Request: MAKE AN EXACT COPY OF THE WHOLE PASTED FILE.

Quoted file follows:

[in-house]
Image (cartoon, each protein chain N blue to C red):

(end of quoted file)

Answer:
[in-house]
Image (cartoon, each protein chain N blue to C red):